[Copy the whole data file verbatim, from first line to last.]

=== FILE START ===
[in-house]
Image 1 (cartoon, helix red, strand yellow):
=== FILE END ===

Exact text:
[in-house]
Image 1 (cartoon, helix red, strand yellow):